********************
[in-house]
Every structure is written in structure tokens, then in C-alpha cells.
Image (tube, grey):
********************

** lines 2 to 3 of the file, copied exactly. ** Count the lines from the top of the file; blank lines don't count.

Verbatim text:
Every structure is written in structure tokens, then in C-alpha cells.
Image (tube, grey):